This week officially marked the first day of the UK solar industry’s post-Feed-in-Tariff era, with the scheme closing to new installations as of midnight the night before. The scheme saw solar PV bring clean power to over 900,000 homes across the country, as well as to thousands of businesses and community groups.
Ninety three per cent of solar users have said they are satisfied with its performance, and robust quality assurance standards mean that, according to the Renewable Energy Consumer Code, and fewer than 1% of all installations have been met with complaint. Thanks to the scheme, solar is now a common-place sight in neighbourhoods all over the UK and year on year, noted the STA (Solar Trade Association).
However, there has naturally been understandable confusion in the industry about what happens next. The STA has set out clear answers to key questions for the industry on its website including on the need to maintain MCS standards, metering requirements for installers going forwards, EPC rules, the new Smart Export Guarantee (SEG) and what to tell customers.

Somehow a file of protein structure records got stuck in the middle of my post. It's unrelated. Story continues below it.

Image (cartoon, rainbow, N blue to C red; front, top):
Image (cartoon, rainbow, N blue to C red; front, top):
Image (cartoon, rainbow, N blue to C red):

The STA has also developed an online resource for homes that want to go solar, which includes an online league table for energy supply companies offering incentives to go solar, and for Smart Export Guarantee offers. Octopus Energy went live with the first genuine SEG for the domestic sector, offering metered, settled export. This was deemed very positive news for the solar industry and potential domestic prosumers.
The STA and MPs from all parties have advocated strongly for households and small businesses to receive a fair market payment for the surplus power they put on the grid, in line with EU law and has been working with innovative suppliers since last year. The Government has recognised that it would not be acceptable for people to give their power away on the grid for free and has said that households going solar from tomorrow will be eligible for the SEG when it is appears.
Octopus Energy has surprised the industry by coming forward with a SEG ahead of the rest of industry where the system still has barriers to overcome. The STA is continuing to press for market-wide export solutions, including for the non-domestic sub 50kW market.
Chris Hewett, chief executive of the STA, said: “We are keeping a close eye on these rapidly moving market developments and will be helping households to identify the best Smart Export Guarantee offers through a supplier league table. We are delighted to be able to make Octopus Energy the first addition to the table and look forward to seeing more suppliers come forward with offers in the future.”